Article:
BEIRUT, May 4 (Reuters) - Hundreds of Sunni Muslim families fled Syria's coastal town of Banias on Saturday, fearing further sectarian violence after fighters loyal to President Bashar al-Assad killed dozens of people overnight, according to activists.
The activists said the killings in the Ras al-Nabaa district of Banias took place two days after state forces and pro-Assad militias killed at least 50 Sunnis in the nearby village of Baida.
The Syrian Observatory for Human Rights, a pro-opposition monitoring group, posted online a video showing the bodies of 10 people it said were killed in Ras al-Nabaa - half of them children.
Some were lying in pools of blood, and one toddler was covered in burns, her clothes singed and her legs charred.
Activist reports and videos on the killings could not be independently verified as the Syrian government restricts access for independent media.
The two-year-old uprising against four decades of Assad family rule has been led by Syria's Sunni Muslim majority, and sectarian clashes and alleged massacres have become increasingly common in a conflict that has killed more than 70,000 people.
Minorities such as the Alawites, an offshoot of Shi'ite Islam, have largely stood behind Assad, who is from the Alawite sect.
Banias is a Sunni pocket in the midst of a large Alawite enclave on Syria's Mediterranean coast, and activists in the area accuse militias loyal to Assad of ethnic cleansing.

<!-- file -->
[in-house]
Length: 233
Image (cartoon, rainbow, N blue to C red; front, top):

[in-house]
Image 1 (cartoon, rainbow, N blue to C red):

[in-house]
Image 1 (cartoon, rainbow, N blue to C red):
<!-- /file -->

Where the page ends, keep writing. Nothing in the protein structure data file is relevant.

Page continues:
'I estimate that hundreds of families left and headed for nearby towns like Jableh and Tartous,' said Rami Abdelrahman, head of the British-based Syrian Observatory.
'But now the army is turning people back at the checkpoints outside the town, telling them to go back to Banias, that nothing is wrong. There are also announcements going out on mosque loud speakers telling people to return home.'
Another video posted online by activists showed what they said were the bodies of 20 people killed in Banias overnight, all from the same family, including women and nine children.
The Observatory blamed the killings on the National Defence Forces (NDF), a new paramilitary group made up mostly of fighters from minorities that back Assad.
Trained and often directed by the military, the NDF describes itself as a reserve force for the army. The group has taken over the regionalised role of more informal Alawite militias known as shabbiha, which were accused of previous massacres of Sunnis.
On Thursday the Observatory reported the alleged killings in the village of Baida, just outside Banias. It said it had documented the names of 50 people killed but that it believed the final death toll could be between 100 and 200.
The group, which has a network of activists across Syria, declined to give a death toll for the killings in Banias.
Banias and Baida were the sites of some of the first sectarian clashes, when shabbiha fighters attacked Sunni street protesters in the first few months of the uprising, killing several people.
The hardline Sunni Islamist group Ahrar al-Sham published a video on Saturday of its fighters launching rockets they said were aimed at the village of Qurdaha, the birthplace of Assad's father, Hafez al-Assad, who ruled Syria for more than 30 years.
They said the attack was a response for the killings in Baida and Banias.
(Reporting by Erika Solomon; Editing by Pravin Char) Keywords: SYRIA CRISIS/DISPLACEMENT
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